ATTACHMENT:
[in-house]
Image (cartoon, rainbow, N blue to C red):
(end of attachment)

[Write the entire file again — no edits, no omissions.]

[in-house]
Image (cartoon, rainbow, N blue to C red):